Don’t wait for CEOs, create healthy online environments

A student argues that students should combat misinformation and harmful content online.


On Oct. 5, whistleblower Frances Haugen, a former data scientist at Facebook, released documents and records detailing the social media company’s known participation in political polarization and increase in mental health issues in teenage girls. 

In 2017, Facebook established the Facebook Journalism Project, which is meant to fight the spread of misinformation and provide people with more reliable information using third-party fact-checkers, according to Facebook’s website. However, fact checking does not fully prevent negative online experiences.

Social media companies know their platforms can negatively impact young people, but aren’t taking enough steps to counteract this. Students, themselves, must promote a healthier online presence by fact-checking information before sharing and practicing kindness to create a better environment while online.

In August, I deleted Instagram and Snapchat because I felt overwhelmed by the fear of missing out on fun vacations and internship opportunities when I saw the people living what looked like amazing lives. I left Twitter because the political and social discourse frustrated me when I went on the app. I felt these social media apps created a negative environment, and I haven’t logged onto the platforms for three months. 

Sixty-four percent of Americans recognize that social media has a mostly negative impact on current politics and social issues in the United States, according to the Pew Research Center.   

Fifty-eight percent of teenagers have taken a break from at least one social media platform, according to Associated Press National Opinion Research Center. 

This generation of students are digital natives, said Thomas Wright, a media literacy professor. 

Digital natives are people who’ve grown up under the influence of the internet in their everyday lives, according to Investopedia, an organization whose goal is to provide simplified information about financial decisions to its viewers.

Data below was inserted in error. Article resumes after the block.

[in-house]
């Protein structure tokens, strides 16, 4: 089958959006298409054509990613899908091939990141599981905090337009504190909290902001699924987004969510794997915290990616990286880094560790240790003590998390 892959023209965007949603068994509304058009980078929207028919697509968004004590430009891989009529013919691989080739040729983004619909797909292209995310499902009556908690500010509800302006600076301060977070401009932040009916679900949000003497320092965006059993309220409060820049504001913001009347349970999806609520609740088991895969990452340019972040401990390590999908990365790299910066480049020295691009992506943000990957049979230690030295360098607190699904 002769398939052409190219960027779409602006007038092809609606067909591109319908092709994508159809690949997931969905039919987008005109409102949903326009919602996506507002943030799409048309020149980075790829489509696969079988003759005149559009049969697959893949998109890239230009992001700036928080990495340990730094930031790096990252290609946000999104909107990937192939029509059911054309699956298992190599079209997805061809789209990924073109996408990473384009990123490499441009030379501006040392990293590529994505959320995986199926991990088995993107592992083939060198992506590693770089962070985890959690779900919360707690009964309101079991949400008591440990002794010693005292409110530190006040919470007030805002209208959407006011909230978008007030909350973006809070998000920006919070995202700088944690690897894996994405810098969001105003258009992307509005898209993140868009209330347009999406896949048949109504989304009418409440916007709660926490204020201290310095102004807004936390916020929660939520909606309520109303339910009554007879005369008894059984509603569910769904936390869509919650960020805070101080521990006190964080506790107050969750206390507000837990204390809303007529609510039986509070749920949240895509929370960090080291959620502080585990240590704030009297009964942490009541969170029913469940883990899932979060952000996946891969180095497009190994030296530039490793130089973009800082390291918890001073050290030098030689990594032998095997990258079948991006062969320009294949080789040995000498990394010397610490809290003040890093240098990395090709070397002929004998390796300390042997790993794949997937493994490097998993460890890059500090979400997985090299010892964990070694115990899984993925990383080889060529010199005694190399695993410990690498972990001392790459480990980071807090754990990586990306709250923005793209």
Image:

“My students, even compared to four or five years ago, are much more aware of the influence of social media, the impact of social media,” Wright said. “They’re more suspicious of social media.”  

Young people should take matters into their own hands when navigating social media platforms. One way to do this is by fact-checking information they see on social media before sharing it with their followers.

Fact-checking is crucial during crises like the COVID-19 pandemic where misinformation about COVID-19 vaccines and the virus itself has spread rampantly. By diligently looking through what type of account is posting this information and assessing whether it’s a credible source, students are able to help stop spreading misinformation.

It’s important that students do not gloss over posts they see on social media, said Layla Longo, a freshman political science major. 

“If people were more careful about believing some of what they see on social media, not just news but also the glossed over posts made to make people’s lives look perfect, it can maybe make social media a safer space for people, at least mentally,” Longo said.

Toxic communities can form online when people post false images that depict glorified lives or misrepresented outcomes, like bodies that fit beauty standards or only showing the happy parts of your life.

Eve Machata, a freshman secondary special education major, uses social media to message friends rather than scroll through posts. When Machata was more engaged in social media during high school, she became involved in a community of people with eating disorders.

“I didn’t know anybody in real life who was struggling with one, or at least not openly,” Machata said. “It just became a really toxic environment because there’s a lot of people encouraging each other to do harmful things to yourself.”

After going into recovery, Machata left the group and blocked accounts promoting unhealthy eating habits, she said.

Machata also placed child-locks, which monitor usage on certain apps, on most of her social media apps which limited how long she scrolled and helped her have a healthier relationship with social media, she said.

Among teens who reported suicidal thoughts, 6 percent of American users traced their desire to die by suicide back to Instagram, The Wall Street Journal reported.

Students must be intentional about how they interact and post on social media because they have the potential to spread misinformation and emotionally-harmful content. 

When posting, sharing or reposting content, it is important to pause and think about what you are choosing to share with your peers, and if it is posted by reliable sources. 

Students should work to preserve their mental health by laying out their reasons for using social media before logging on. This could be connecting with friends or getting updates about personal interests. 

It takes a conscious, purposeful and mindful effort to remove yourself from using social media, Wright said.

Students must remember it is OK to take breaks from social media when it becomes more of a stress factor than entertainment. It is better to navigate every online space with a calm mind. 

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